KEEPING LORD'S WORLD CLASS
Founded in 1787, Marylebone Cricket Club is the most active and famous cricket club in the world and owner of Lord's Cricket Ground - the Home of Cricket.
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Shane Watson became the first bowler on the new neutral Test Lord's Honours Boards as the MCC Spirit of Cricket Test Match see-sawed between Australia and Pakistan.
Australia resumed on 229-9. With Mike Hussey joined at the crease by number 11 batsman Doug Bollinger the Aussie tail wasn't expected to last long against a Pakistan bowling attack in good form.
They lasted for six overs frustrating the 'home' team and adding 24 runs for the last wicket.
Bollinger swapped bat for ball as Pakistan started their reply to Australia's 253.
Australia captain Ricky Ponting juggled his bowlers early on, moving new ball bowlers Ben Hilfenhaus and Bollinger around to bowl from opposite ends to those he initially gave them.
The change worked and Hilfenhaus got Farhat and then the Test debutant, Azhar Ali. Pakistan 49-2 at lunch.
As overhead conditions at Lord's became gloomy the first of several fleeting interuptions in play broke up the innings after lunch.
Mitchell Johnson took a third wicket in the first over after lunch.
Salman Butt was offering the only real resistance. As he scored a clutch of boundaries Ponting turned to all-rounder Shane Watson to bowl.
Three overs later the much maligned Watson had three wickets.
Both Akmal brothers rather gave away their wickets - Umar and then Kamran stepping across their stumps and offering simple LBW decisions to a joyous Watson.
Pakistan captain Shahid Afridi came out and batted in the only way he knows how - throwing the bat at everything, plundering 4s and a huge 6 into the stands as he appeared to be trying to hit Watson out of the attack.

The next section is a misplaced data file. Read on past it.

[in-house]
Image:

Watson persevered and earned Afridi's wicket with a clever change of pace - the Pakistan captain holing out to Johnson after a quick-fire 31 from just 15 balls.
The rapid run-scoring did move Pakistan from 83-5 to 117-6 but Pakistan needed a partnership to anchor the innings.
Butt was left with a long lookinng tail and Doug Bollinger picked up the wickets of Mohammed Amir and Umar Gul to leave Pakistan on the brink at 129-8.
Wastson's fourth wicket for the valuable scalp of the only possible Pakistani saviour - Butt cleaned out by a yorker-length delivery for 63.
Another short rain delay threatened to bring a halt to Watson's quest for a five-for but again, one over after the resumption he had Danish Kaneria caught in the slips to become the first bowler in the new neutral Test Honours Boards.
With a lead of 105 runs it looked all set for Australia to build a big lead.
Simon Katich, who scored 80 in the first innings, and man-of-the-moment Watson set about the Pakistan attack, scoring rapidly taking the lead up over 150.
Pakistan started to look defeated, shoulders were slumped in the field no doubt disappointed with their batting display.
Mohammed Asif got a spirit boosting breakthrough, Watson caught in the slips.
Australia captain Ricky Ponting got a warm reception in what could be his last Test innings at Lord's.
He was soon on his way back to the Pavilion, LBW for a duck to Asif offering no shot. Australia 73-2 ahead by 178.
Pakistan suddenly looked a different team, jumping, clapping and cheering one another on in the field.
Six overs later Afridi turned to Umar Gul. Six balls later Michael Clarke was gone closely followed by Mike Hussey - out for a golden duck.
Clarke too was the victim of his own poor judgement, leaving a ball that hit the stumps.
With Hussey out and Gul on a hat-trick Pakistan were bouncing.
Australia sent out Mitchell Johnson as a nightwatchman. He and Katich just about hung on, Australia reached the close at 100-4, a lead of 205.
Pakistan's bowling, once again, seemed to have dragged them back into the match. If the weather is changeable again tomorrow they will fancy their chances of getting Australia out for a reachable target.
After the match vice-captain Butt set that target: "If we get them out for anything under 300 we'll be happy." he said.
If Pakistan are to chase more than 400 runs on days four and five they'll have to bat considerably better than they did on day two.